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Thread: attenuation issue

  1. #1
    Join Date
    Mar 2006
    Posts
    186

    attenuation issue

    Before I go ahead and email White Labs, I thought I would do some collective trouble shooting here (since yeast may not be to blame).
    I'll get right to it.....Here are the stats:

    Brewed a stout using (5th generation) Bristish strain I use, quite often with superb results.

    O.G 15.1 Plato

    75% British Pale malt
    13% Dark malts (Chocolate, Roasted and Patent)
    6% 60L Crystal
    6% Carapils

    Infusion Temp: 154 (1) hour

    Fermented at 65F

    YES I oxygenated correctly, YES I knocked out at 70F

    Gravity dropped to 6.5 in 8 days. Not to shabby. Fermetation has slowed down to almost a dead stop 6 days later, gravity only 5.4

    I wanted this to be a dry imperial style stout. Ironically, with all that sugar still in it, it's not at all sweet! It tastes like a well attenuated dry beer! That's when I began to suspect my hydrometer being off. I checked another beer, and it seemed spot on.

    I thought maybe (since I never brewed a stout to this caliber) it was my formulation. With only 6% crystal, I don't see how, especially at 154 degrees . The dark malts shouldn't leave behind that much residual sugar either.

    Then I thought, maybe I under-pitched, or harvested too early.

    I also thought, maybe I shut a previous beer in too early, and put the yeast under too much pressure (that did actually happen...Ooops )

    Either way, I ordered more yeast. My question is:
    (1) What do you suspect happend here
    (2) Why does the beer seem so dry, when the hydrometer says different.

    Thanks,
    Jay

  2. #2
    Join Date
    Oct 2002
    Location
    Athens, NY
    Posts
    432
    I ran into a similar problem several years ago. It turned out that my mash tun thermometer was off (by 6 degrees!). Have you checked all of your temperature probes to make sure that you actually mashed and fermented at the temperature you intended to?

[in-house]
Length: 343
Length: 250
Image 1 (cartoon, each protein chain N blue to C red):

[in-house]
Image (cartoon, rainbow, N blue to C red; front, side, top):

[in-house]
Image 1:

just a thought...
    Hutch Kugeman
    Head Beer Guy
    Crossroads Brewing
    Athens, NY

  3. #3
    Join Date
    Jul 2005
    Location
    Chandler, AZ
    Posts
    209
    Darker beers tend to mask sweetness, so your stout may seem dry despite having plenty of residual sugars. It's especially evident when you taste the wort. The first few times I brewed a darker beer, I tasted the wort before checking the gravity and thought it would be somewhere around 12 Plato but it ended up being over 16 Plato. I had to train myself to not freak out when I didn't taste a super sweet wort when I brewed that beer.

  4. #4
    Join Date
    Apr 2006
    Location
    Chicago, IL
    Posts
    185
    I double Kugeman. Check your thermometers!

    Also, always, a good practice is to pre-determine your final attenuation with a small amount of wort (say, 1/2 pint) and a huge dose of yeast on the side. it will give you a good idea if the fermentation is going right.

  5. #5
    Join Date
    Mar 2006
    Posts
    186
    How does one test a thermometer's accuracy on a MV? (sorry if it sounds like a stupid qu.. It just never occured to me this could be a problem, so I never thought about it).

  6. #6
    Join Date
    Oct 2002
    Location
    Athens, NY
    Posts
    432
    I suppose it depends on how your mash tun is designed, but on mine I just removed the thermal probe tri-clamp, and then unsrewed the housing around the actual thermometer. Then just drop it in a bucket of ice water and presto! I usually put another thermometer that I know is accurate in the ice water to make sure that I'm getting a true reading. Once I determined it's accuracy (or innaccuracy) in ice, I usually pull some water from the hot liquor tank to test the accuracy in mash ranges (155 F) just to double check.
    Hutch Kugeman
    Head Beer Guy
    Crossroads Brewing
    Athens, NY

  7. #7
    Join Date
    May 2004
    Location
    St. John's, Newfoundland, Canada
    Posts
    819
    testing thermometers

    bucket of ice with a little water = 0C

    boiling kettle = 100C

    Pax.

    Liam

  8. #8
    Join Date
    Jun 2005
    Location
    Lexington, KY, USA
    Posts
    78

    Testing thermometers.

    It is a bit more involved than that - testing of thermometers. In Denver water does not boil at 100 C because of the pressure. Same reason baking has to be done a little differently there.

    Look at the ERTCO (Everready Thermometer Co) for advice on temperature and correction.

  9. #9
    Join Date
    Dec 2003
    Location
    Strongsville, Ohio
    Posts
    244
    Yea...you definately want to test it in the range that is used. Thermometers do drift a degree or two or three between 32f and whatever your boiling point is.

    Ive looked a few times for a precision lab grade calibration thermometer but I never got one...cant remember if I couldnt find one or was just freightened by the price.

  10. #10
    Join Date
    Mar 2006
    Posts
    186
    Thank you, everyone. Cleaning the entire brewhouse tomorrow, will check it then.

    Thanks!
    Jay

  11. #11
    Join Date
    Nov 2006
    Location
    Escondido, CA USA
    Posts
    7
    I second the idea of doing a forced fermentation on the wort to test what your final gravity should be. It's a very valuable test that in 24 hrs can tell you whether you've got a mash temperature problem or a yeast problem.

    I also recommend checking cell counts during the fermentation, if the yeast cells aren't remaining in suspension, the fermentation will hang.
    A viability check on youir yeast will also help determine the cause.

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